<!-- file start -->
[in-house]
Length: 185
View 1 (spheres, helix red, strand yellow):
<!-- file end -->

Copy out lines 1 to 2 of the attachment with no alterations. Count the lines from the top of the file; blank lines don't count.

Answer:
[in-house]
Length: 185